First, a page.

WPPB

Susie Neilson

On rare occasions as a kid, Renzin Yuthok and his family got to share a special breakfast. They'd gather around a table in their home in Bellevue, Wash., his dad would roll tsampa flour, butter and tea into balls called pa, and then he'd hand them out to his kids.

It's a sweltering morning in Beltsville, Md., and I'm face-to-face with bee doom. Mark Dykes, a "Bee Squad coordinator" at the University of Maryland, shakes a Mason jar filled with buzzing honeybees that are coated with powdered sugar. The sugar loosens the grip of tiny Varroa mites, a parasite that plagues bees; as he sifts the powder into a bowl, they poke out like hairy pebbles in snow.

As a group, surgeons are not well known for their bedside manner. "The stereotype of the abrasive, technically gifted ... surgeon is ubiquitous among members of the public and the medical profession," write the authors of a 2018 article in the AMA Journal of Ethics.

Bonnielin Swenor has devoted her life to studying visual impairment in older adults. But for a long time, she didn't often discuss the motivation fueling her work — that she herself has low vision.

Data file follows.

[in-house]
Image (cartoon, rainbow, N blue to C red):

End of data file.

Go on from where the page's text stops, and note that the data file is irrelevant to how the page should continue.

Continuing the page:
St. Basil's Hexaemeron, a Christian text from around the fourth century, contains a curious botanical instruction: Pierce an almond tree in the trunk near its roots, stick a "fat plug of pine" into its center — and its almond seeds will undergo a remarkable change.

Leyla Hussein had mixed feelings when she found out that Queen Elizabeth II was naming her an Officer of the Order of the British Empire for her work to eliminate female genital mutilation.

"I had to think hard about whether to accept," she says, citing the British history of colonialism. But in the end, proud of being British and living in a country that took in her parents as refugees from Somalia, she accepted the honor, along with fellow anti-FGM advocate Nimco Ali.

With wine, older can often mean better. "Vintage," our word for "classily aged," comes from the winemaking process. Wines from decades ago can fetch far higher prices than freshly made ones. Wine itself is woven throughout ancient history, from ancient Judeo-Christian rites (hello, Last Supper!) to Egyptian ceremonies to Roman orgies. And the grape varieties we like tend to have lengthy pasts: For instance, chardonnay grapes from France's Champagne region have been made into white wine since the Middle Ages.